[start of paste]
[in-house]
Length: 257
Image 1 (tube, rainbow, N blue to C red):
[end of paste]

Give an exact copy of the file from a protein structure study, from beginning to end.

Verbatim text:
[in-house]
Length: 257
Image 1 (tube, rainbow, N blue to C red):